Roberta: I think so.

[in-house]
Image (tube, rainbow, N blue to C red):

Claude Howell: Yes. Okay, you have seen a lot of realism. You've seen some good realism and some bad realism. Mainly I wanted you to see the bad so you could know why what is going to happen happens, because it happens next week which is impressionism. And this is a complete change of pace. That impressionism, which perhaps is the most realistic way of painting that man has ever devised, is more what we actually see than say [inaudible]. This is not what we see. You do not see that much detail. As I look at all of you, certain of you are in sharp focus. All around here is sort of lost. That is real. This is what the impressionists do. They paint the way the world really is, the way you see it and they put the broken brush strokes so that you can get the sparkle of color that we actually see. And that was so real that the next generation, Gaugin, Van Gogh, Sasack [ph?] all those painters said, "This is ruining art," and so you have the beginnings of the big revolt. And those people, they all starved to death, but now are into the age of the bohemians which was a dirty word. It was almost as dirty as the word artist. You get the artist who is completely rejected by society so he moves into a certain area and he lives with other artists and you get the Latin Quarters which is where they all lived. And they do sometimes misbehave with everybody else. But you have a complete divorce then between the artists on one side and the public on the other. The public doesn't like the artists. The public doesn't like what the artist does. The artist looks down on the bourgeois. He thinks they have no sense whatsoever and this gap gets wider and wider and wider until the 1980s when it begins to once more close in. We're starting to close the gap. But at least we have some government support now and we have more people, banks particularly, supporting the arts and the artists. So this is what we're going to go over-- have to go through. Ya'll have a wonderful [inaudible]. I wanted to ask you one thing. I believe next week is our last one isn't it? I think [inaudible]. Do you want to continue the following Tuesday or do you want to take a break? We wanted to continue next Tuesday, so we'll get through before it gets colder.